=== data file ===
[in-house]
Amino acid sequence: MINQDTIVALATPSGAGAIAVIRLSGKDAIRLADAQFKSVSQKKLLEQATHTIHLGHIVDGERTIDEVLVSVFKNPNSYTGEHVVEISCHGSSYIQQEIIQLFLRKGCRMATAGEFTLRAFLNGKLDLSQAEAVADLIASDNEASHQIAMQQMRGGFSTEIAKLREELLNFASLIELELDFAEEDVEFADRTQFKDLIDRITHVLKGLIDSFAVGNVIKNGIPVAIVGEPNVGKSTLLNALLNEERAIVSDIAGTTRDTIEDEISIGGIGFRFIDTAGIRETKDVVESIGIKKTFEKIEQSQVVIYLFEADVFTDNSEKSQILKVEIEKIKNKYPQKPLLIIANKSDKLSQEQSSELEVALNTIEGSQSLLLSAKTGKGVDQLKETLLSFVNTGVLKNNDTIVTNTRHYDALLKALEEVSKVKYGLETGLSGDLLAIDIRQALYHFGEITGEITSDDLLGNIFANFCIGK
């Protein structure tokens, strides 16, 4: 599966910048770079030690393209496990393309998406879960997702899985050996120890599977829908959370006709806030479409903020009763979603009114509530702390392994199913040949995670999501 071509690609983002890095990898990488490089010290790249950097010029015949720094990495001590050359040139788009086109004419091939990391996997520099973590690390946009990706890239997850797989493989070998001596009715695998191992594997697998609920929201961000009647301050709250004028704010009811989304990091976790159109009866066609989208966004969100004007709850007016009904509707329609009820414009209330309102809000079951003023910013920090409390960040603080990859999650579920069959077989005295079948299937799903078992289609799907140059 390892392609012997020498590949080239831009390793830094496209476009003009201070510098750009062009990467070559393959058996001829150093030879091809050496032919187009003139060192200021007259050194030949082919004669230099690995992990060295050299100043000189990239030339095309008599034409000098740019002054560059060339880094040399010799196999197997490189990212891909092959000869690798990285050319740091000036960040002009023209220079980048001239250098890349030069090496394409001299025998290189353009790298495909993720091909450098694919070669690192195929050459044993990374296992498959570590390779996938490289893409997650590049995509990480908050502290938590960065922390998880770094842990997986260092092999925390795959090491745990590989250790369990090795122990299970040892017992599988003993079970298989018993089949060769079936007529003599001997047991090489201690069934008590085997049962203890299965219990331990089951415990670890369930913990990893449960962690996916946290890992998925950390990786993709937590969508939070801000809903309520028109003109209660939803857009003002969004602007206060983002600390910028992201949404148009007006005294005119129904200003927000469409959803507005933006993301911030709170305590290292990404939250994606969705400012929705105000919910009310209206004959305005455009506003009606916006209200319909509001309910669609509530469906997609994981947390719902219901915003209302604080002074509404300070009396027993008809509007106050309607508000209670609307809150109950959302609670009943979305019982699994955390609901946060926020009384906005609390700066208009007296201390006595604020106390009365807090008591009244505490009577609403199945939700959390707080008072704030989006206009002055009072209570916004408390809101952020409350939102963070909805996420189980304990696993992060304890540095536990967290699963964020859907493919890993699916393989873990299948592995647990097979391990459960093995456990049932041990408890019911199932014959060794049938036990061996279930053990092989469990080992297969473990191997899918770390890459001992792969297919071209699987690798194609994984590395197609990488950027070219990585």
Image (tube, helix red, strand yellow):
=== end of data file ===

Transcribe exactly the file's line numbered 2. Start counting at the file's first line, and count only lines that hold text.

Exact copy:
Amino acid sequence: MINQDTIVALATPSGAGAIAVIRLSGKDAIRLADAQFKSVSQKKLLEQATHTIHLGHIVDGERTIDEVLVSVFKNPNSYTGEHVVEISCHGSSYIQQEIIQLFLRKGCRMATAGEFTLRAFLNGKLDLSQAEAVADLIASDNEASHQIAMQQMRGGFSTEIAKLREELLNFASLIELELDFAEEDVEFADRTQFKDLIDRITHVLKGLIDSFAVGNVIKNGIPVAIVGEPNVGKSTLLNALLNEERAIVSDIAGTTRDTIEDEISIGGIGFRFIDTAGIRETKDVVESIGIKKTFEKIEQSQVVIYLFEADVFTDNSEKSQILKVEIEKIKNKYPQKPLLIIANKSDKLSQEQSSELEVALNTIEGSQSLLLSAKTGKGVDQLKETLLSFVNTGVLKNNDTIVTNTRHYDALLKALEEVSKVKYGLETGLSGDLLAIDIRQALYHFGEITGEITSDDLLGNIFANFCIGK